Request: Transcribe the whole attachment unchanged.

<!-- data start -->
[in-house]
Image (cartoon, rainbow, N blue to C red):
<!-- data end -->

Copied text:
[in-house]
Image (cartoon, rainbow, N blue to C red):